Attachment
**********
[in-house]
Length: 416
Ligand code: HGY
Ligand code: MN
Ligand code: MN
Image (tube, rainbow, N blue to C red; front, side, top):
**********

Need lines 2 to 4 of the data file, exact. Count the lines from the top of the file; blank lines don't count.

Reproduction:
Length: 416
Ligand code: HGY
Ligand code: MN